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Kazakhstan, Wildlife, Tigers, Extinction, Central Asia, Biological Conservation

Tigers Could Roam Again in Central Asia, Scientists Say

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Caspian tigers, some of the largest cats that ever lived, roamed through much of Central Asia before they were designated as extinct in the middle of the 20th century. But there is a chance that tigers — using a subspecies that is nearly identical, genetically, to the Caspian — could be restored to Central Asia.

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Are Herders and Livestock Bad for Rare Wildlife? It’s Complicated.

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The Denver Zoological Foundation, WCS(Wildlife Conservation Society) and other partners have published a paper appearing in the early view edition of Conservation Biology that looks at the positive and negative relationships occurring between pastoralists, livestock, native carnivores and native herbivores in the world’s largest unfenced grassland and desert.

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Exeter Research Helps Protect Loggerhead Turtles

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A long-running research and conservation project is helping save an at-risk species of turtle.

Medicine

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Mapping Movements of Alien Bird Species

The global map of alien bird species has been produced for the first time by a UCL-led team of researchers. It shows that human activities are the main determinants of how many alien bird species live in an area but that alien species are most successful in areas already rich with native bird species.

Science

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bats, place cells, grid cells, Memory, Ulanovsky

Found: Neurons That Orient Bats Toward Destination

Bats – like humans – can find their favorite fruit stand (or coffee shop) even when it’s hidden behind a screen or tall buildings. How? The Weizmann Institute of Science’s Prof. Nachum Ulanovsky and team have now identified the neurons that point bats in the right direction, even when their destination is obscured. This could aid understanding of some aspects of Alzheimer’s.

Science

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Climate Change, Kansas State University, K-State, Andrew Hope, Division of Biology, KSU, Warming, shrews, Small Mammals, insectivors, Arctic, Parasites, Ecosystems, Ecology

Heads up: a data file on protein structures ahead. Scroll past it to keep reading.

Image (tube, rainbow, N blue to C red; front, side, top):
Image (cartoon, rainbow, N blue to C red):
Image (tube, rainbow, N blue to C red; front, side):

'Shrew'-D Advice: Study of Arctic Shrews, Parasites Indicates How Climate Change May Affect Ecosystems and Communities

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MANHATTAN, KANSAS — The shrew and its parasites — even 40-year-old preserved ones — are the new indicators of environmental change, according to a Kansas State University researcher. Andrew Hope, Kansas State University research assistant professor in the Division of Biology, and his colleagues across the U.S. have published "Shrews and Their Parasites: Small Species Indicate Big Changes" in the National Oceanic and Atmospheric Administration's 2016 Arctic Report Card.

Science

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Missouri University of Science and Technology, ants, Biology, Society, Insects

Ants Need Work-Life Balance, Research Suggests

The work habits of ants could provide valuable insight into making our societies more productive and sustainable, says a team of Missouri S&T researchers.

Science

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EMBARGOED

A reporter's PressPass is required to access this story until the embargo expires on 18-Jan-2017 2:00 PM EST

Science

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Caribbean Bats Need 8 Million Years to Recover From Recent Extinction Waves

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Can nature restore the numbers of species on islands to levels that existed before human arrival? How long would it take for nature to regain this diversity? To answer these questions, a research team compiled data on Caribbean bats and their close relatives in a paper published in Nature Ecology and Evolution.

Science

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Bumblebee, neonicotinoids, imidacloprid

Neonicotinoid Pesticide Affects Foraging and Social Interaction in Bumblebees